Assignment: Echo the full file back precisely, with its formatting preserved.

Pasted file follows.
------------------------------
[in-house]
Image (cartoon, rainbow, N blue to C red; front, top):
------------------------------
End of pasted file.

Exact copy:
[in-house]
Image (cartoon, rainbow, N blue to C red; front, top):